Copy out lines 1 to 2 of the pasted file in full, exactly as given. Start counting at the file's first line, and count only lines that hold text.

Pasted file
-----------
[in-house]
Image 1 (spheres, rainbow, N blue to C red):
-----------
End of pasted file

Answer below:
[in-house]
Image 1 (spheres, rainbow, N blue to C red):